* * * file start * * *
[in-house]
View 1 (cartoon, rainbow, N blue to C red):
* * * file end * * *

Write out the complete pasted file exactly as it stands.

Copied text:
[in-house]
View 1 (cartoon, rainbow, N blue to C red):